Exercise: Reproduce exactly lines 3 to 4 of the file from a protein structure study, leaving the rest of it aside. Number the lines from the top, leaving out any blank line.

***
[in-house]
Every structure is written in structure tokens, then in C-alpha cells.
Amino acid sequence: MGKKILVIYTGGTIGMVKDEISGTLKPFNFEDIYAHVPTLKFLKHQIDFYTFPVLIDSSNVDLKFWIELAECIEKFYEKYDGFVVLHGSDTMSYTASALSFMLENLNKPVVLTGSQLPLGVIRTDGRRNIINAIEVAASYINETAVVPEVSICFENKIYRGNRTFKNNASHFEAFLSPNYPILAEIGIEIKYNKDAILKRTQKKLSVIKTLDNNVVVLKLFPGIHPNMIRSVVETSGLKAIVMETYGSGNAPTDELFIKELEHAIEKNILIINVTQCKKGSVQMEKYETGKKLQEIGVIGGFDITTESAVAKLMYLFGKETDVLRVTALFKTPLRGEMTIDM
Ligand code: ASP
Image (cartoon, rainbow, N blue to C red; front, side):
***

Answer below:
Amino acid sequence: MGKKILVIYTGGTIGMVKDEISGTLKPFNFEDIYAHVPTLKFLKHQIDFYTFPVLIDSSNVDLKFWIELAECIEKFYEKYDGFVVLHGSDTMSYTASALSFMLENLNKPVVLTGSQLPLGVIRTDGRRNIINAIEVAASYINETAVVPEVSICFENKIYRGNRTFKNNASHFEAFLSPNYPILAEIGIEIKYNKDAILKRTQKKLSVIKTLDNNVVVLKLFPGIHPNMIRSVVETSGLKAIVMETYGSGNAPTDELFIKELEHAIEKNILIINVTQCKKGSVQMEKYETGKKLQEIGVIGGFDITTESAVAKLMYLFGKETDVLRVTALFKTPLRGEMTIDM
Ligand code: ASP